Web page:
7 Web Browsing Tricks Make Your Smartphone Act Like An iPhone - InformationWeek

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7 Web Browsing Tricks Make Your Smartphone Act Like An iPhone

If Web browsing sucks on your smartphone and you can't get an iPhone, there are some things you can do to make what you've got work more like what you want.

Admit it. The first time you saw an iPhone, the Web browsing took your breath away. It was to your smartphone's browser as the Mona Lisa is to your two-year-old's scribbles hung on your refrigerator. However, you don't have to live in a state of envy. If you can't afford or don't want an iPhone, you can improve your Web browsing experience on your smartphone (or even, in some cases, your plain old dumbphone).

The following seven mobile phone tweaks can help you at least maximize the potential of your Web browsing without forcing you to change your hardware or your service supplier. They range in complexity from bone simple to "Danger, Will Robinson!" None of them will make your phone an iPhone -- frogs only turn into princes in fairytales. But they just might make Web browsing more usable -- even enjoyable -- on your current phone.

Use Services Optimized for Your Phone

AOL's mobile portal page points to some very usable services -- MapQuest for mobile devices in particular.
(click image for larger view)

AOL's mobile portal page points to some very usable services -- MapQuest for mobile devices in particular.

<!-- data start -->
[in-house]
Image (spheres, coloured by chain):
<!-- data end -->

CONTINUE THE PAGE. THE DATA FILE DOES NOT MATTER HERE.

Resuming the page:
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The Safari browser on the iPhone displays correctly just about any Web page you throw at it. The browsers on most handheld devices don't. So what can you do about it? Well, one exceedingly simple thing you can do is to feed your smartphone pages it has a better chance of rendering.

Many Web sites serve up special pages or even versions of the whole site designed to display well on mobile devices. Most of these have "mobile" or "m" in the URL -- like mobile.mysite.com, m.mysite.com, mysite.com/mobile, or www.mysite.mobi. Most of these sites detect the device and browser you're using and serve up the mobile version. But if a Web site you visit doesn't display well and doesn't seem to have a mobile URL, add some of those variations to its URL and see if any work.

Some mobile-related sites offer portal pages that collect links to these sites. For example, AOL gives you a links list of its information services. MSN serves a static page that gives you a little news, weather, sports, and access to Hotmail. Palm's mobile portal for its handheld devices deserves mention for the number and variety of links it carries, not to mention a nice, clean design. (It isn't restricted to Palm devices, either.)

Yahoo defaults to a list of links, but it's a good list -- it includes an online address book and calendar, Yahoo mail, and a very easy-to-use way to get driving directions. In addition to its basic mobile portal, Yahoo also offers Yahoo!Go, a fancier mobile service that's available for only some phones (Palm OS phones are notable for their absence) and does a reasonable job of turning a minimal amount of input into a maximal amount of information.

Google's mobile services are the most customizable and arguably the most complete -- you can arrange news/weather/sports info on the page to suit yourself, and have access to a menu of Google applications in mobile format, including Gmail, Maps (which gives you driving directions), Calendar, Photos (a nicely done interface to your Picasa Web albums), and Blogger.

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